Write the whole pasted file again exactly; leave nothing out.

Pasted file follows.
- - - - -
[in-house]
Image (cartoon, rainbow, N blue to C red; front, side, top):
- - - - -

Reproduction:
[in-house]
Image (cartoon, rainbow, N blue to C red; front, side, top):